Out of the frying pan into the fire. That is the obvious conclusion to draw from Nikki Humphrey’s decision to leave Virgin Atlantic to become John Lewis Partnership’s (JLP) new executive director for people.

Both organisations have been beset by challenges brought about by covid-19, and as bellwethers of their respective industries have faced their every decision being poured over by the media.

Virgin Atlantic, where Humphrey was chief people officer, received negative press at the start of the crisis for asking staff to take eight weeks of unpaid leave in an effort to reduce costs while minimising job losses. It has subsequently confirmed it is cutting more than 3,000 staff out of a total of 10,000.

John Lewis, meanwhile, has been under the spotlight for its decision to shutter eight stores permanently putting 1,300 jobs at risk.

Redundancies never make for great headlines but are a necessary evil for businesses if they are to remain viable in the long-term.

The rush by many retailers to slim down headcounts and rebalance roles towards digital operations means HR and people directors like Humphrey will have a huge role to play in managing structural changes accelerated by covid-19.

At Anthony Gregg Partnership, we’ve recently experienced a surge in enquiries for HR director roles as retailers look to recruit people who can help deliver the kind of business transformation many CEOs are looking for.

More so than ever, being a senior people executive will require a deep level of engagement with the core business strategy as retailers seek new skills, move people into new roles and adapt to remote working practices. Those with solid core HR skills but lacking a strategic bent may themselves vulnerable to the radical shift in direction that is set to take place.

Many of these changes were in progress at JLP before the pandemic struck. Chair Dame Sharon White warned staff in February that the retailer may need to reduce its store estate and cut jobs in a bid to improve profitability. A month later, partners received the lowest bonus paid since 1953.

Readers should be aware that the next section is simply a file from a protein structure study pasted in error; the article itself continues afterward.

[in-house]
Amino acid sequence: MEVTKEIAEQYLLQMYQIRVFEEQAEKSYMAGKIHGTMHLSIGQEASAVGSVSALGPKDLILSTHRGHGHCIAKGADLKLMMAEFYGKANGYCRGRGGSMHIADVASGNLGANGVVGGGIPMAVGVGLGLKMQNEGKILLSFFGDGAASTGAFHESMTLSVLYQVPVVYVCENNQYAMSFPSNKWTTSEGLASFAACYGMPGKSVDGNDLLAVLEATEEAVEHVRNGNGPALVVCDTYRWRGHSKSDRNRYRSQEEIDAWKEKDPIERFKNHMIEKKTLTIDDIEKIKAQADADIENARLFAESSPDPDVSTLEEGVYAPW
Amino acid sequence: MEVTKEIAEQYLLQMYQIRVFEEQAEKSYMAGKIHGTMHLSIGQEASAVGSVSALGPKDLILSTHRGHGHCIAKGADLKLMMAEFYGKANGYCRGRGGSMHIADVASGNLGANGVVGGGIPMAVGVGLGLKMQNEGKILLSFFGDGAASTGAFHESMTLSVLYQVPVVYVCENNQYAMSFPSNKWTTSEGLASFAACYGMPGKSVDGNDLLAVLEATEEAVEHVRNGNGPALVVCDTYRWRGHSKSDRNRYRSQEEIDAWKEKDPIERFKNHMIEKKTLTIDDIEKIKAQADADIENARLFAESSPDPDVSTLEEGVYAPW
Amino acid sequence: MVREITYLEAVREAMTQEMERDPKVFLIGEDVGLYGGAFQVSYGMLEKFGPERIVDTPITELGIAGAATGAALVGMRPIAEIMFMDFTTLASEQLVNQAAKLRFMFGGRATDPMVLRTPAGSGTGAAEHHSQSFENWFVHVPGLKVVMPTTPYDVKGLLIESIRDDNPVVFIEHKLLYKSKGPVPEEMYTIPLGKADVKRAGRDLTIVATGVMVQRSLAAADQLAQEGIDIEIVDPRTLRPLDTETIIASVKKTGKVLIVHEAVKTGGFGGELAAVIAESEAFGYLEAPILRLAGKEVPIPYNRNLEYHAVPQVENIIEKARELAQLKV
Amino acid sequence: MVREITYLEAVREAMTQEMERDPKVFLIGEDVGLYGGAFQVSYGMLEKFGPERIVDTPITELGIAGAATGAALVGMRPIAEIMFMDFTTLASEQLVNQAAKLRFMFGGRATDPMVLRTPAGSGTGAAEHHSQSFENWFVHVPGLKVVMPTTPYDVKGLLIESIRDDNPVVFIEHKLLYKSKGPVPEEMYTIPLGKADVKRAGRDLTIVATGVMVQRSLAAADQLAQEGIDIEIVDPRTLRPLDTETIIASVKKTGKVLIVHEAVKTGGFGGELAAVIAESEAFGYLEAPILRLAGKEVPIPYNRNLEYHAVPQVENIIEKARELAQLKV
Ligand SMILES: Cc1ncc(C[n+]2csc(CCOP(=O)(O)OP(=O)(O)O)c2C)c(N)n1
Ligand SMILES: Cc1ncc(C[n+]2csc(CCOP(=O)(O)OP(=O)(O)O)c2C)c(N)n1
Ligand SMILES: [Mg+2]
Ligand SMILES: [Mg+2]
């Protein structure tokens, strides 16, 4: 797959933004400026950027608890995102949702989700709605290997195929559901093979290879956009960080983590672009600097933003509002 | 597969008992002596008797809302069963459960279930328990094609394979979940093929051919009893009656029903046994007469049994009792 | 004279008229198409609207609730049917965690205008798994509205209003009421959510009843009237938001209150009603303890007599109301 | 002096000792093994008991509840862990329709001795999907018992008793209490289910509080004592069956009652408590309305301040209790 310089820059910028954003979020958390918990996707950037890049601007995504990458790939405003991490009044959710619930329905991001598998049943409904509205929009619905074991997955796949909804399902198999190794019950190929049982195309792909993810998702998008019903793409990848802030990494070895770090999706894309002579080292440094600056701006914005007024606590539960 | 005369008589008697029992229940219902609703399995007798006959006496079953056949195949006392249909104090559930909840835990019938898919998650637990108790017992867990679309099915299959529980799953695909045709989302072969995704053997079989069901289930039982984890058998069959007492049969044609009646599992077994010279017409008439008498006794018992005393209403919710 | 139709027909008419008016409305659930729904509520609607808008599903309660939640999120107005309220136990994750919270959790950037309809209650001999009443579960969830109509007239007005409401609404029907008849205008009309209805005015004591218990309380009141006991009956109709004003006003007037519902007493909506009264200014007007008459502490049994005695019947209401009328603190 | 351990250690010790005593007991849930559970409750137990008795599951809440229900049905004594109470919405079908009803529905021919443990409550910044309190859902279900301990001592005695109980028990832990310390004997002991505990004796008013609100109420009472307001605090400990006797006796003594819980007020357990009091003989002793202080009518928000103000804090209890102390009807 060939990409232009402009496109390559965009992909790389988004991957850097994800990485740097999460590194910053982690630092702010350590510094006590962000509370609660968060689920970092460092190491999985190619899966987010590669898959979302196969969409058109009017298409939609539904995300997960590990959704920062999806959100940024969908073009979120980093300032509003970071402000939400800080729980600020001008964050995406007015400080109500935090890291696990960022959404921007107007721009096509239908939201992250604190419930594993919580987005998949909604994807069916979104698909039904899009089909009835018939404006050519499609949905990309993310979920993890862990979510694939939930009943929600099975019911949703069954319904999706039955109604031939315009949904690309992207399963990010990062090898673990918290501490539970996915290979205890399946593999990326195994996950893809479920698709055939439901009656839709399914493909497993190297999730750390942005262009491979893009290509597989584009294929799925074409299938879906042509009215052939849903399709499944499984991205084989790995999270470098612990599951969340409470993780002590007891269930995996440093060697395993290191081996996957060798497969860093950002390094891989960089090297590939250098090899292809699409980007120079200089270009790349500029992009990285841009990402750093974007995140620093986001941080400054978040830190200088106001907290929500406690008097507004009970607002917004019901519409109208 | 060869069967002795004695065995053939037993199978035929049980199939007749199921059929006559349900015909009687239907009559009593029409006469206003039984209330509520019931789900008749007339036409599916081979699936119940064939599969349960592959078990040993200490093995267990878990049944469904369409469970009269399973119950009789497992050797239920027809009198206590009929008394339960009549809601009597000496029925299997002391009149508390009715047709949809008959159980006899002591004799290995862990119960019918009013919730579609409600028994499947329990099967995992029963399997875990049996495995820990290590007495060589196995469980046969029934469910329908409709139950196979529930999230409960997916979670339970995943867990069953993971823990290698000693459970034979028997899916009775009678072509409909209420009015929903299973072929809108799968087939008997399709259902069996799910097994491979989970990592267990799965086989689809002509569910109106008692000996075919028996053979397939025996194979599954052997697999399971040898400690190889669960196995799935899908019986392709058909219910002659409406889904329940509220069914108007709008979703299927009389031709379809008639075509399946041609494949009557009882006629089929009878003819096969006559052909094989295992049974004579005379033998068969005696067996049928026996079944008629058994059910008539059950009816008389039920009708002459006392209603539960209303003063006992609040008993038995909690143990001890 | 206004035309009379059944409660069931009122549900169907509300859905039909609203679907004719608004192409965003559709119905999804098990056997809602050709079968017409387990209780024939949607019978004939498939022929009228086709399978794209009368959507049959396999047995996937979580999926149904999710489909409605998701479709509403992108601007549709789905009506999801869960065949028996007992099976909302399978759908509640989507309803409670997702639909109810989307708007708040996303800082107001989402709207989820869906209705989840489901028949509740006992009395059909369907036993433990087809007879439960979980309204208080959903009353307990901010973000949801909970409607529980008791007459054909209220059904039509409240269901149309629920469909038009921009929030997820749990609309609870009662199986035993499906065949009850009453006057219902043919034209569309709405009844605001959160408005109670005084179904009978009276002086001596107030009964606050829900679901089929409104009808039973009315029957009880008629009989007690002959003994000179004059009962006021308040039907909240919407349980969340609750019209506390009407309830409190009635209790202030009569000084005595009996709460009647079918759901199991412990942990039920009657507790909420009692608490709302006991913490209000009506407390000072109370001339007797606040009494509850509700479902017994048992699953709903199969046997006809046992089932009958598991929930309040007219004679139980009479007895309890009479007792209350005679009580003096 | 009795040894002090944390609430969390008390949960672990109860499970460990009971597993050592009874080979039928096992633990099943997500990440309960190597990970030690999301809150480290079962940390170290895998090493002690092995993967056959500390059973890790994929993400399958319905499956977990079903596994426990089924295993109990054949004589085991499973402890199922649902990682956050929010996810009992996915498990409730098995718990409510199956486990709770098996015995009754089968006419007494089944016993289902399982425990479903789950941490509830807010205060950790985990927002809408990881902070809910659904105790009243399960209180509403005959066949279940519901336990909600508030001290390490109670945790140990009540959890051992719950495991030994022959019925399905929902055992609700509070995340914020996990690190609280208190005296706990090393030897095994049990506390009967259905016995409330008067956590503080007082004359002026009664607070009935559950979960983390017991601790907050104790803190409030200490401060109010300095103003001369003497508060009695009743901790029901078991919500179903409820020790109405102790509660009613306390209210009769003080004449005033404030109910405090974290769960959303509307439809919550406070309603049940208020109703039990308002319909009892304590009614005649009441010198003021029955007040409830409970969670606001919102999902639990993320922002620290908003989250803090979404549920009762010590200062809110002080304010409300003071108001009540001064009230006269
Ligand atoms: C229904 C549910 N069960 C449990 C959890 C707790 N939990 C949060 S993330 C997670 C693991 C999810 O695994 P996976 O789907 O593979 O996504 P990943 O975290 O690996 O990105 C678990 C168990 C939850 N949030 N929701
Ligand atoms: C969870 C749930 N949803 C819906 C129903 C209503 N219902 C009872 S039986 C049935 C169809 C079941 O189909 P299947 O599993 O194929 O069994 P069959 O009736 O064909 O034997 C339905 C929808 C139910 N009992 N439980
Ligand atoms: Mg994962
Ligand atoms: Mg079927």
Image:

Humphrey will be responsible for creating a people strategy for JLP’s 80,000 partners – no small task in the current turbulent environment. She will need to apply humanity to the task of dealing with staff whose jobs are at risk and support those whose working patterns have changed, all the while taking and implementing tough decisions that safeguard the partnership’s future.

Although new roles are likely to be created as JLP continues to invest in digital, most are unlikely to be accessible for store staff. Employee turnover is set to remain high for some time and, coupled with the prospect of tough trading conditions, morale may suffer as a result.

Humphrey, who describes herself as pragmatic and commercial, has a strong CV with over 20 years leading large scale organisation and culture change including as chief people officer at Lloyds Banking Group (another business that went through a period of trauma following the 2008 banking crisis).  She will need every bit of that experience to help extinguish the flames that threaten to burn around JLP for some time to come.

In these unprecedented times, the arrival of August may not signal the usual escape to holiday destinations but I hope readers find the opportunity to rest and recuperate ahead of a challenging, but hopefully improving autumn. This column will return in September.